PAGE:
World leaders need vision and political will to ensure we live in harmony with nature, says IUCN. This call comes in the run up to talks to halt the spiraling loss of biodiversity, which is ultimately threatening the existence of all life on earth.
Thousands of decision makers will meet in Nagoya, Japan, from 18 to 29 October, to discuss a ‘Big Plan’ for the next ten years to reduce the current pressures on the planet’s biodiversity. On the table at the 10th meeting of the Conference of the Parties to the Convention on Biological Diversity (CBD COP10), are 20 targets designed to tackle the extinction crisis and restore the earth’s natural capital.
“In Japan we have a unique opportunity to get everyone – governments, businesses and the public – on board to address the crisis facing life on earth,” says Julia Marton-Lefèvre, Director General of IUCN. “We urge governments – and this means all government departments – to invest in our natural capital and stop the loss of biodiversity once and for all, by adopting a robust strategic plan with measurable and realistic targets.”
Targets to reduce the loss of biodiversity by 2010 haven’t been met and there is no sign that there’s been a reduction in the rate of decline of species, which are currently disappearing at up to 1,000 times faster than normal. Conservation action does work but there’s simply not enough of it. Recovering from dramatic changes in biodiversity is difficult and costly – and impossible in too many cases.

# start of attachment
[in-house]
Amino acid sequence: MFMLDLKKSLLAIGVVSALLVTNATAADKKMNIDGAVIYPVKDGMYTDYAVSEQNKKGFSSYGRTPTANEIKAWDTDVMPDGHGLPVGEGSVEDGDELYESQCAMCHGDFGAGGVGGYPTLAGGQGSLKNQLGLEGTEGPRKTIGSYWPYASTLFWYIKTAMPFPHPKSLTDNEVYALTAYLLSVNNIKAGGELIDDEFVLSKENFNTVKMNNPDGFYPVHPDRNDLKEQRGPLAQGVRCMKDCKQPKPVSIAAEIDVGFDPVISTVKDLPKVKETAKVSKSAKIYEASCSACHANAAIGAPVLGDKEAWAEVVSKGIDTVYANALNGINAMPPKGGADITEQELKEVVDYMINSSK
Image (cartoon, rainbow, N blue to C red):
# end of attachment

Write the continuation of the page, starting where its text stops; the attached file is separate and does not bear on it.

As a part of the ‘Big Plan’ to halt the loss of biodiversity, IUCN is calling for effective financing to fund efforts to save the natural world, funding which can be generated by moving towards a green economy. IUCN also calls for governments to pull out all the stops to reach agreement on a new international regime to give access to the world’s genetic resources while at the same time making sure that benefits derived from them are properly shared.
“We’re at the point of no return in so many areas of the natural world, losing countless numbers of species and the essential services of the natural environment in which we live,” says Jane Smart, Director, IUCN Biodiversity Conservation Group. “The conference in Nagoya could be the last chance to come up with a new plan that works – there is no Plan B and certainly no Planet B.”
IUCN is calling for parties in Nagoya to take effective and immediate action to halt the loss of biodiversity, so that by 2020 all the necessary policies and actions are in place and are being implemented. By 2050, biodiversity must be valued and conserved, restored and wisely used, sustaining a healthy planet and delivering benefits essential for all people. The global economic situation and the need for widespread cuts in public expenditure can’t be ignored. However, the Nagoya meeting is an opportunity for governments to recognize the link between biodiversity and their economies and seal a new ‘Big Plan’ that paves the way for a global green economy.
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IUCN helped to develop the Convention on Biological Diversity and plays a key role in its implementation. Delegates at the conference will try to ensure that sound biodiversity science underpins the decisions taken there and that governments commit to an ambitious, courageous and yet realistic plan to halt the loss of biodiversity, one that could guarantee the future for all life on earth.